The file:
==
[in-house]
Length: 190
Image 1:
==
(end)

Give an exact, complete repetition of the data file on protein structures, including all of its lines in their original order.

[in-house]
Length: 190
Image 1: